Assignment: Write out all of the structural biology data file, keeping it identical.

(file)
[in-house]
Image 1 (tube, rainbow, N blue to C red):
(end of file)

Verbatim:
[in-house]
Image 1 (tube, rainbow, N blue to C red):